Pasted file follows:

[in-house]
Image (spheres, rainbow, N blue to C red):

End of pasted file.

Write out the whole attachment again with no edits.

[in-house]
Image (spheres, rainbow, N blue to C red):